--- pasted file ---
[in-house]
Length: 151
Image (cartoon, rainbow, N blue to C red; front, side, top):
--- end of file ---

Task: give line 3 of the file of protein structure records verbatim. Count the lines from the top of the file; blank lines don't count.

Image (cartoon, rainbow, N blue to C red; front, side, top):